Over the past two years, the Saudi government has curbed the power of the clerical police and eased some religious restrictions, most notably by extending to women the right to drive cars. Ensaf Haidar—whose husband Raif has been imprisoned and publicly lashed for propagating liberal ideas on his blog—hopes that such reforms will be followed by a more liberal attitude toward dissent:
Manal al-Sharif and Loujain al-Hathloul, two renowned activists, became the public face of a campaign [to legalize driving for women]. Sharif spent nine days in detention for posting a video of herself driving; Hathloul spent 73 days in prison after attempting to drive into Saudi Arabia from the United Arab Emirates in 2014. . . .
[D]emanding greater social and political rights has often exacted a severe cost on Saudi activists and intellectuals. I know this from experience. My husband, Raif Badawi, a blogger and activist, was a harsh critic of Saudi Arabia’s clerical establishment. . . .
On June 17, 2012, Raif was detained on charges that included apostasy, cybercrime, and disobeying his father. . . . In May 2014, Raif was sentenced to ten years in prison and 1,000 lashes, and fined a million Saudi Arabian riyal for creating an online forum for public debate and “insulting” Islam. On January 9, 2015, Raif was struck with 50 lashes in a public square in Jeddah, but the lashing was stopped on medical advice. He remains in prison. Only a pardon from King Salman can get him released.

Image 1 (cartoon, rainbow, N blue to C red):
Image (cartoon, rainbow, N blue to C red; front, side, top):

Crown Prince Mohammed bin Salman, [the force behind recent reforms], has the opportunity to rewrite Saudi history and bring freedom and openness to our country. He could start a process of national reconciliation by reconsidering the cases and imprisonment of prisoners of conscience like my husband. By securing their freedom, Prince Mohammed would give us hope and make our country a place exiles would prefer to return to and participate in building our collective future.